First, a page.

- Sensor issue causes BLOODHOUND SSC to enter safety mode, preventing reheat at Education Day event at Cornwall Airport Newquay
- Car reached 185mph on second run
- Testing and trial runs in preparation for public events deemed a success
A sensor failure on the throttle pedal meant BLOODHOUND SSC did not achieve reheat (aka afterburners) during the two test runs on the Education Day at Cornwall Airport Newquay. The BLOODHOUND Engineering Team investigated the data and within minutes had identified the issue.
Engineering Director Mark Chapman said: “Whilst the driver, Andy Green, was not able to reach maximum reheat and show flames out the back of the car, he did reach 185 mph in front of an audience of three thousand school children which had been eagerly awaiting this event for several weeks. This Car is a unique vehicle made from 3,500 purpose-designed and individually built components. When the two sensors on the throttle pedal didn’t agree, they put the car into a safety mode that meant Andy was unable to reach reheat. This is exactly what they are meant to do so this constitutes another useful outcome for our test programme here at Newquay.”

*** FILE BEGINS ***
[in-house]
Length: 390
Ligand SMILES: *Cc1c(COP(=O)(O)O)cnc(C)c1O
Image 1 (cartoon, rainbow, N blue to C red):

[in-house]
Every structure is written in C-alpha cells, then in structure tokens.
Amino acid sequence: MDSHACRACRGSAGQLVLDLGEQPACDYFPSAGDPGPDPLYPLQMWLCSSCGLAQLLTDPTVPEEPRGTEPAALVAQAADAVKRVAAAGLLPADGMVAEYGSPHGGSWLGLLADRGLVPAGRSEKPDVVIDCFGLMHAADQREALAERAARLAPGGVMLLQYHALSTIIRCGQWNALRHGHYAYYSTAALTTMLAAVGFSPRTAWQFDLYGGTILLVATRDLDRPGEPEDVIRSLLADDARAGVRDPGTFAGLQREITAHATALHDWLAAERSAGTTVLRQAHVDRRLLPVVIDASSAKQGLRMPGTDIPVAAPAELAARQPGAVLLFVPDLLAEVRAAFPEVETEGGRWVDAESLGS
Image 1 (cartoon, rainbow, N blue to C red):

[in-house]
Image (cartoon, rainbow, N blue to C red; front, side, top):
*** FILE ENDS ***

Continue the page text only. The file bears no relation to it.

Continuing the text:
In the weeks before the 30th October event, the BLOODHOUND Team had carried out both static and dynamic tests at Cornwall Airport Newquay, which had been very successful overall. A rigorous set of run profiles saw the Car driven at gradually increasing speeds, and culminated with 210mph trials on 26th October. Despite the slightly slower than predicted speed, however, the Team has gathered enough data and hands-on experience to feed back into the next stages of development and planning.
The BLOODHOUND Project would like to thank the staff of Cornwall Airport Newquay for their support during recent weeks. The airfield proved to be the ideal test and develop centre for the world’s fastest car.
Andy Green tells the excited audience what happened on the runs today